People-centric Methods for Transportation Information Analysis and System Evaluation Using Social Media Data


Student thesis: Doctoral Thesis

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Awarding Institution
Award date5 May 2022


During the past two decades, the urban transportation system has developed rapidly to keep pace with the increasing population and travel demand. Besides improving travel efficiency, the developed systems link citizens with various social services and opportunities. Nevertheless, other problems, such as traffic noise and congestion brought by poor traffic control, also negatively influence people's living experience. Since intangible human life aspects (e.g., happiness and health) are becoming essential evaluation metrics of urban planning, transportation authorities should consider people-centric factors in future transportation management to ensure sustainable urban growth.

However, few systematic modules consider the people-oriented information in urban transportation information analysis and transportation system evaluation. Recently, with the increasing popularity of social media platforms, the time, text, and location information extracted from user-generated social media data offers researchers a new perspective to analyze transportation-related information and guide future transportation control and planning. Meanwhile, it provides a new perspective to understand the influence of the transport system on people. Hence, why not use social media data analysis to enhance the current urban transportation management?

Given the problems and opportunities mentioned above, this thesis aims at developing people-centric methods in transportation information analysis and transportation system evaluation using social media data. More specifically, the thesis proposes modules to 1) detect and analyze the accident- and congestion-related Chinese microblogs with location information, 2) identify and characterize the accident- and congestion-prone areas heatedly discussed on Sina Weibo in Shanghai, 3) evaluate the influence of new transit stations on the local neighborhoods of Hong Kong using Twitter data. Compared with the previous studies, the proposed methods, which involve people in the transportation management process and incorporate people-generated social media data into transportation information analysis and system evaluation, offer insights into future urban transportation system development.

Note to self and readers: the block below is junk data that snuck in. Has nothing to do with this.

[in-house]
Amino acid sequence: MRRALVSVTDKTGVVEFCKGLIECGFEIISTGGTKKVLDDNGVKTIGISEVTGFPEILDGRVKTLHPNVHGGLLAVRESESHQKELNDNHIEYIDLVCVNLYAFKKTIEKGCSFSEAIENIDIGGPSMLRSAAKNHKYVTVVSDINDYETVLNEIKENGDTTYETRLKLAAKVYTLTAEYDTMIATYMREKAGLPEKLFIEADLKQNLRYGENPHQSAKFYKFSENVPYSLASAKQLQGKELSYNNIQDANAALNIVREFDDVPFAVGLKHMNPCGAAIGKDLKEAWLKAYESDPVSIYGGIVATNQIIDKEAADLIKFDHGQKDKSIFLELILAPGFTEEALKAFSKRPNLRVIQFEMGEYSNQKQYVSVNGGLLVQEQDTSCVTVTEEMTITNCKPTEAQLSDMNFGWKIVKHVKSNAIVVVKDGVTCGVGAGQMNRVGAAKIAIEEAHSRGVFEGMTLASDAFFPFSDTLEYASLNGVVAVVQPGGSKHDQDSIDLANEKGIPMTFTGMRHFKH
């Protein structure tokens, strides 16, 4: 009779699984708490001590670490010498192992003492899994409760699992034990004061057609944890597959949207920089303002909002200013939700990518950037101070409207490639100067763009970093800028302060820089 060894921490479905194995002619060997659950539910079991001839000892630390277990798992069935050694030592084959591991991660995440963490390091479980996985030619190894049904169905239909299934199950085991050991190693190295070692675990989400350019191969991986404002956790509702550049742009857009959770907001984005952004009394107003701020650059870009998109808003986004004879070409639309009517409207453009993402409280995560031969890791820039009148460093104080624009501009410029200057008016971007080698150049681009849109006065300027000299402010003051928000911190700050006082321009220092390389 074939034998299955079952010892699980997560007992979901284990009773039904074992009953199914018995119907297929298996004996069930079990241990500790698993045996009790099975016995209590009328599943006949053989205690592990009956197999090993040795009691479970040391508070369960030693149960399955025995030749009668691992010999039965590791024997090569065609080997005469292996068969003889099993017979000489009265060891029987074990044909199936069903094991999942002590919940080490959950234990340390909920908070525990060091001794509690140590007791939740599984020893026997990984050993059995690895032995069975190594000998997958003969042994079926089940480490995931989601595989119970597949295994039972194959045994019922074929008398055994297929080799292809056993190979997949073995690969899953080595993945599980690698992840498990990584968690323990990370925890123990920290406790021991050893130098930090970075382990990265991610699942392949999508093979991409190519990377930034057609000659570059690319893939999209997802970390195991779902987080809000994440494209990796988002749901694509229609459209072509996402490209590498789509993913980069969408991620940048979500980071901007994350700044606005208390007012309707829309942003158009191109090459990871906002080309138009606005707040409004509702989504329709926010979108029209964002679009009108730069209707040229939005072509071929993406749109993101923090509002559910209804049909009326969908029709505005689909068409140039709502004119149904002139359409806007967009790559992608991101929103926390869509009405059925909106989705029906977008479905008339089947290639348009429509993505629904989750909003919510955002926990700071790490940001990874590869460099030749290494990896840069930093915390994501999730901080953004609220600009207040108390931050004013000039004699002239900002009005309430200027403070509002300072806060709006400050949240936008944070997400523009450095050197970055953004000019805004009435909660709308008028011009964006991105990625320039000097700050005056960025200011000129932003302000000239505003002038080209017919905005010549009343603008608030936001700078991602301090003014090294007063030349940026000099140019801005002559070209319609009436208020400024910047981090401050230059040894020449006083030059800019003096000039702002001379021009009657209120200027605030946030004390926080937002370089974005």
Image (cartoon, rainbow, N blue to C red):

The first work builds a deep learning model to detect the accident- and congestion-related Chinese microblogs containing location information. The key feature of this proposed model is its ability to identify the Chinese microblogs containing not only a description of a traffic accident or congestion but also event location, which is more convenient for the downstream traffic-related spatial analysis. Moreover, it takes the repost behavior, a unique feature in social networks, into account and extracts the microblogs ever reposted the accident- or congestion-related microblogs. Extensive experiments and spatio-temporal analyses show the effectiveness of the proposed module in the urban traffic-relevant analysis.

The second work proposes a module to find and profile the accident- and congestion-prone areas in Shanghai by analyzing the accident- and congestion-related Chinese microblogs. A modified Kernel Density Estimation (KDE) method is applied to highlight regions with the relatively high-density accident and congestion microblogs, respectively. The results show that the "congestion-prone areas" expressed on social media are mainly distributed throughout the historical urban core and the Northwest of Pudong New District, whereas the "accident-prone areas" are found in areas with severe accidents. The identified accident- and congestion-prone areas are then characterized in spatial, temporal, and semantic aspects to understand the nature of the incidents and assess the priority level for mitigation measures. The outcome can inform resource allocation and prioritize mitigation measures.

The last work develops a method to evaluate the influence of six new transit stations on local neighborhoods of Hong Kong using Twitter data. Tweet sentiment and tweet activity of the studied neighborhoods are used as proxies to estimate the social media sentiment and people's willingness to visit. The Difference-in-difference (DID) model is applied to measure the causal relationship between the introduction of transit stations, tweet sentiment, and tweet activity. Then text, tweet sentiment, and footprint comparison between two types of Twitter users are conducted to check the influence of new transit stations on people. The results suggest that, in general, the introduction of transit stations causes a positive change in tweet activity and tweet sentiment. Nevertheless, only the change in tweet activity is statistically significant. Moreover, new transit stations tend to positively influence the tweet sentiment of local areas with high-density residential places or recreational activities. The introduction of new transit stations increases the accessibility, inferred by the expanded locations sustaining station-influenced users visited. The results of this work can help urban planners understand the local impact of urban transit development on people directly.

In general, the thesis fills the research gap in urban transportation information analysis and transportation system evaluation by developing people-centric analytical modules based on social media data. With the advent of big data analytics and the call for more people-oriented urban planning, the developed methods can provide insights and policy recommendations for future urban transportation management.